In a SOX whistleblower case of first impression, the U.S. District Court for the Eastern District of Virginia ruled that front pay may be ordered in lieu of reinstatement. However, the court ultimately determined that front pay was not warranted under the facts of this case.


Plaintiff Andrea Jones (Plaintiff) was the CFO of Southpeak Interactive (Company), a videogame publisher in Midlothian, Virginia. The Company terminated her employment on August 14, 2009, two days after she informed the SEC of alleged discrepancies in the accounting of the inventory and costs, which she previously raised with the Board of Directors and outside counsel. Plaintiff filed suit under Section 806 of SOX, alleging that she was discharged in retaliation for reporting the alleged discrepancies to the SEC.


A jury found in Plaintiff’s favor, awarding her $593,000 in back pay against the Company and $178,500 each in compensatory damages against two other individual defendants. Plaintiff agreed to the Judge’s remittitur of “$470,000 in back pay and $123,000 in compensatory damages against [the Company],” and. . . awards of $50,000 against each of two individual defendants. The court then focused on Plaintiffs’ motion for front pay in lieu of reinstatement, seeking the “difference in total compensation between Jones’ current job and her former job with [the Company].”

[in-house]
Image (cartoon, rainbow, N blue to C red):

The court found support for a front pay award under Section 806 of SOX from the U.S. Department of Labor’s November 3, 2011 Interim Final. However, the court closely analyzed whether front pay was appropriate in this case, as the Company was no longer operational and Plaintiff would not have been employed at the Company beyond 2011. Although Plaintiff offered evidence that she had nine interviews for similar CFO positions, the record contained “no information about the compensation levels for those position,” nor any “proof that the hypothetical, laid-off plaintiff would have been more successful in obtaining those positions than the actual, unlawfully terminated plaintiff.” Indeed, the court recognized, even in the absence of the purported retaliation, Plaintiff would have been laid off in 2011 “in the midst of a struggling job market” and searching for “a high-ranking position with limited openings.” Thus, the court ultimately declined to award Plaintiff front pay.


Though the court found that front pay can be available to SOX under certain conditions, this decision is nevertheless favorable to employers to the extent that the court took a rather strict approach to determining the conditions under which it should be awarded.